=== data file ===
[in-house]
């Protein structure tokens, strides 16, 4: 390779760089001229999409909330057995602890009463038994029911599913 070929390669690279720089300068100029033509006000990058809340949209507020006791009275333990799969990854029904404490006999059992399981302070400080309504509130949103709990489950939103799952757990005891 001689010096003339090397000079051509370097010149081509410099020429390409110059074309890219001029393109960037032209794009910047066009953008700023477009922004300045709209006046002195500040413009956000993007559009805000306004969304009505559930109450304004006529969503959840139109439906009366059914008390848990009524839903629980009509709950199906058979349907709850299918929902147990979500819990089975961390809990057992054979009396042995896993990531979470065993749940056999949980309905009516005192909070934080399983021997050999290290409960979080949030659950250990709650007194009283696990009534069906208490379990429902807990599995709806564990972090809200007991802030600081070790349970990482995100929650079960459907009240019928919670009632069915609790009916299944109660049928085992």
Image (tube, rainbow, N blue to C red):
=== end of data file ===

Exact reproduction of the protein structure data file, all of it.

[in-house]
């Protein structure tokens, strides 16, 4: 390779760089001229999409909330057995602890009463038994029911599913 070929390669690279720089300068100029033509006000990058809340949209507020006791009275333990799969990854029904404490006999059992399981302070400080309504509130949103709990489950939103799952757990005891 001689010096003339090397000079051509370097010149081509410099020429390409110059074309890219001029393109960037032209794009910047066009953008700023477009922004300045709209006046002195500040413009956000993007559009805000306004969304009505559930109450304004006529969503959840139109439906009366059914008390848990009524839903629980009509709950199906058979349907709850299918929902147990979500819990089975961390809990057992054979009396042995896993990531979470065993749940056999949980309905009516005192909070934080399983021997050999290290409960979080949030659950250990709650007194009283696990009534069906208490379990429902807990599995709806564990972090809200007991802030600081070790349970990482995100929650079960459907009240019928919670009632069915609790009916299944109660049928085992």
Image (tube, rainbow, N blue to C red):